In our last post, we continued speaking about the topic of search and seizure. As we’ve noted, police are bound by various procedural requirements in conducting these activities, and failure to follow those procedures can result in exclusion of incriminating evidence from trial, weakening prosecution’s case. The exclusionary rule, as this is called, is something defense attorneys sometimes make use of in cases involving drug charges.
There are some exceptions to the exclusionary rule, though. For instance, unlawfully obtained evidence is admissible if it is obtained by a private person, and not a police officer. The defendant must have standing, meaning evidence can only be suppressed if the illegal search violated the defendant’s own constitutional rights. This can affect those who face drug charges as a result of a search of a home or vehicle they occupied but did not own.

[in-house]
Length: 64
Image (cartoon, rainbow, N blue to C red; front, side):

In addition, the following are other exceptions to the rule:
- The evidence was found in part because of a second, untainted source other than the illegal search.
- The evidence would have been discovered anyway without the illegal search.
- The officers that performed the search did so on the good faith belief that they were obeying the Fourth Amendment.
- There are intervening factors, like a significant amount of time or activity by the defendant or third parties, between the search and the discovery of evidence
In addition, illegally obtained evidence may be used for the purpose of impeaching a witness on cross examination. Also, the exclusionary rule does not apply to evidence presented in grand jury proceedings.
Those who feel they been subjected to an illegal search should speak to an attorney and determine how to best protect their rights and build a strong defense case.
Source: Chicago Tribune, “Rapper Beanie Sigel arrested for drug, gun possession: report,” Piya Sinha-Roy, August 29, 2012